Dionne: Back then, everyone was looking for a 50-goal scorer. But we weren't going with one man only to get us 50 goals. Jacques and the coaching staff said, "If we can go with four lines, and maybe limit some of these guys' ice time by a minute or two (per game), something good is going to come out of it." And sure enough, that gave me a great opportunity, getting some second-unit and power-play time, and getting a few goals here and there.

LeClair: Any time you get a new coach, there's always that boost of energy. Guys are excited to play for a new guy and show him what they can do. He gave guys different roles, me being one of them. I had a little bit of a bigger role with Jacques there than I did with Pat. You're a little bit more excited to play, and I think we proved that in our game.

LeBeau: I don't remember exactly when, but very early in training camp, Jacques brought me in his office and said to me, "Stephane, I know what you've been through, but I really need you this year. And you're going to have a big impact on the hockey team." That was his first message to me, and I walked out of his office, and I was relieved. I was lighter. For once, I felt the trust that my role was going to increase. And it did happen - and that's why I had my best season.

Demers wasn't the only new face in town. The Canadiens made two significant moves just prior to the start of the season; they acquired Damphousse from Edmonton for Shayne Corson, Brent Gilchrist, and Vladimir Vujtek, and snagged Brian Bellows from the Minnesota North Stars for Russ Courtnall.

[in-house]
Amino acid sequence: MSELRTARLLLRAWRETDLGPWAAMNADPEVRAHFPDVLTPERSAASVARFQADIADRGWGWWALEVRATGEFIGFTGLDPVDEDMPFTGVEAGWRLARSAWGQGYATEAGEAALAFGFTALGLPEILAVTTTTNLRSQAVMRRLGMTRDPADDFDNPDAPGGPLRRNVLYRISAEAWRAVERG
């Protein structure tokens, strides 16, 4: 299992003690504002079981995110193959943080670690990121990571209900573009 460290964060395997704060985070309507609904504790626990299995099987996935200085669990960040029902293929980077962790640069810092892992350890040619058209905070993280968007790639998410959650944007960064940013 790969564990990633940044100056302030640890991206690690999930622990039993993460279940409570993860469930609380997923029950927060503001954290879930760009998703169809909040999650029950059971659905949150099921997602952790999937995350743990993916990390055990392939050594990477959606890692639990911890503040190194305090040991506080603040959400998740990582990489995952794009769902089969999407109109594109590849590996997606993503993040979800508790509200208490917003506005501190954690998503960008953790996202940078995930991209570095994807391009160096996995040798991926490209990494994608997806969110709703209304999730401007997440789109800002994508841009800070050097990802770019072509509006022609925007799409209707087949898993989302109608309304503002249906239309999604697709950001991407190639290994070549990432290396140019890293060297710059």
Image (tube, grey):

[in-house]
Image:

While goal prevention was the trademark of the Patrick Roy-led Canadiens, the addition of Damphousse and Bellows - who combined for 68 goals and 96 assists in 1991-92 - was expected to bolster a moribund Montreal offense that ranked 14th in the 22-team league a season earlier.

Damphousse: I was traded in August, a week before a training camp. For me to come home and wear that jersey was unbelievable.

LeClair: With Bellows, he was a pure goal-scorer. He knew how to put the puck in the net. And obviously Vinny was a big offensive guy, too. Adding those two guys, you hope that you will see some increase. Shayne was more of a two-way player. He could score, but he had more of an all-around game. (Courtnall) was a goal-scorer, but he was streaky. With what we got, we were hoping to get more consistent goal-scoring out of those two guys.

Dionne: I think that helped big time; teams were coming in and they were confused, because even if the top line was shut down, we had the second and third lines stepping in and doing the job.

Despite the influx of scoring and an emphasis on youth, nobody was picking the Canadiens to go all the way - nobody, that is, except for Demers, who came out prior to the season and proclaimed that Montreal would shock the world and win the Cup.

Patrick Roy (as told to Hugo Fontaine of canadiens.com in March 2017): I remember when Jacques came out on the ice for our first practice and said that, we all just looked at each other with these confused expressions and wondered if maybe we hadn't heard him correctly or something.

LeBeau: I always think that we were underestimated. No, we weren't the favorite, and I won't argue that we weren't the best team in the league that year, but we were certainly one of the best. We didn't have a Mario Lemieux or a Steve Yzerman offensively, but our team was a quality one - and that's why I think we were underestimated. But it didn't feel like we were young. The way we handled adversity and success made it feel like we were a mature team.

Also working in the Habs' favor that season: leadership. Not only did they feature Guy Carbonneau as captain and a host of vocal veterans in Mike Keane, Kirk Muller, and Patrick Roy, but Canadiens players had access to more than a few guys who had played for the Cup before.